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'This is a witch hunt:' Roaring Cat Retreat owner slams new Grand Bend animal bylaw

Mark Drysdale, who plans to open what he calls an animal sanctuary for large cats in the tourist town of Grand Bend, Ont., calls a sweeping new bylaw banning the ownership of lions and tigers 'a witch hunt' and vows to fight it in court.

Mark Drysdale says his love of looking after animals 'is a constant battle against ignorance'

Tammy Nyyssonen and Mark Drysdale are the couple behind Roaring Cat Retreat, an animal sanctuary and private zoo that they plan to open this summer in Grand Bend, Ont. (Colin Butler/CBC News)

The owner of Roaring Cat Retreat, a proposed private zoo and animal sanctuary in Grand Bend, Ont., vows to fight a sweeping new bylaw banning the ownership of most kinds of exotic animals in the Municipality of Lambton Shores, calling it "a witch hunt." 

Mark Drysdale told CBC News he plans to open Roaring Cat Retreat in June in the lakeside town, which is within the Lambton Shores municipality.

The facility would have at least six lions and four tigers on the former grounds of Pineridge Zoo, a private zoo that operated for 40 years in Grand Bend.

But the Municipality of Lambton Shores moved quickly to pass a sweeping bylaw on Monday night, banning the ownership of an exhaustive list of exotic animals, including lions, tigers, alligators and elephants. 

'This is a witch hunt'

A 1997 edition of a Grand Bend community paper advertises a tiger on the premises of the former Pineridge Zoo. The property's new owners want to create a private zoo and animal sanctuary that could house up to 12 big cats, including four tigers. (Tammy Nyyssonen)

"It's very frustrating. This is a witch hunt," Drysdale said. "I love looking after animals. I've made it my life and it's not an easy life. It's a constant battle against ignorance." 

Drysdale said since town council passed its bylaw on Monday night, he's seen visible hostility from some residents. 

"We've had people pulling up in front of our house and giving us the finger and screaming at us," he said, noting that neither rude behaviour nor the bylaw will dissuade him from building Roaring Cat Retreat. 

Drysdale said he has already been in contact with his lawyer, but believes the bylaw is so flawed that he won't even have to fight it in court.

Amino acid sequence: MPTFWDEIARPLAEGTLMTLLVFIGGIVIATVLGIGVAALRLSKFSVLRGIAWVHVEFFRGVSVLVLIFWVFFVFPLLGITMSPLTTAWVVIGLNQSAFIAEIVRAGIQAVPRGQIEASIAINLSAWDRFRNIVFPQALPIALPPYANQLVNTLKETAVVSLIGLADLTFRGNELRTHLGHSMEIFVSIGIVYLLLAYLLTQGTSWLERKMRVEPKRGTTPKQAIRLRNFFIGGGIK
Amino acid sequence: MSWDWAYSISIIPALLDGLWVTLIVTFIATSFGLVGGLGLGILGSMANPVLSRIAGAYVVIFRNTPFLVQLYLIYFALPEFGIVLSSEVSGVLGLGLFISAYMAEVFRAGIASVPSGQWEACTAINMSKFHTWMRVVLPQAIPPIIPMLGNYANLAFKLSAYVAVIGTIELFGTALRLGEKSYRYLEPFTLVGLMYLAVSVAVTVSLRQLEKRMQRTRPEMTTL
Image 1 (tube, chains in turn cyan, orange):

"This bylaw will not affect us in any way," he said. "All 10 or 12 cats, whatever I have here now, will remain on the property."

Neighbourhood built when zoo had big cats

An old handbill from the former Pineridge Zoo in Grand Bend advertises a number of large predators, including a lion, leopard and bears. (Tammy Nyyssonen/submitted)

Drysdale argues that since he and his fiancée Tammy Nyyssonen have had possession of the property on Parkview Crescent since April 1, a full 14 days before the township hastily passed its bylaw, the animals on site must be "grandfathered in" under the new rules. 

By no means do we say the public needs to take the risk.- Mark Drysdale

Drysdale further argues that most of the residents in the surrounding neighbourhood moved in when his property housed a number of big cats as the former Pineridge Zoo, including a lion, tiger and a jaguar.

"When all these animals were here was when all those houses went in," he said. "Even though [Pineridge Zoo] was known for escaping animals, that wasn't a problem for them to build their houses and now it's a big concern." 

Drysdale also believes his big cats should be considered domestic animals since he earns his living by loaning lions and tigers to movie studios. 

'It's no different than car racing'

While he admits working with large predators is dangerous, he insists he knows what he's doing. 

"It's no different than car racing, parachuting, or unprotected sex," he said. "You take risks for your passion and enjoyment and sometimes you pay the price, but by no means do we say the public needs to take the risk." 

Drysdale said he plans on spending $500,000 on enclosures for his animals, which he said will be built to the standards of Canada's Accredited Zoos and Aquariums, the closest thing this country has to a zoo regulator. 

Mark Drysdale and Tammy Nyyssonnen explain why Roaring Cat Retreat won't be like the former zoo that once inhabited their property. 1:25

He further pledges to install an electrified fence on the rim of his property and has bought an additional 12-acre plot of land to act as a buffer between his animals and the surrounding neighbourhood. 

Drysdale said much of hostility he has met of late in Grand Bend is nothing new and is reminiscent of the battle he waged for years against local officials in Niagara Region when he owned Ringtail Ranch and Rescue in Wainfleet, Ont. 

Reminiscent of Wainfleet, Ont. 

Wainflett town councillor and acting mayor Terry Gilmore remembers Drysdale well, even though he didn't have too many direct dealings with the man. 

He declined to comment on Drysdale's promise to fight Lambton Shores in court, saying "that's between him and Grand Bend."

Gilmore said Drysdale was happy to work with Wainfleet Township officials to help draft an exotic animal bylaw in order to manage the more than 100 animals he owned at Ringtail Ranch and Rescue in Niagara Region. 

"We just wanted to know about it so if police or first responders have to respond they're not getting jumped by a lion," he said. "I didn't find him to be particularly unreasonable."  

About the Author

Colin Butler

Video Journalist

Colin Butler is a veteran CBC reporter who's worked in Moncton, Saint John, Fredericton, Toronto, Kitchener-Waterloo, Hamilton and London, Ont. Email: colin.butler@cbc.ca

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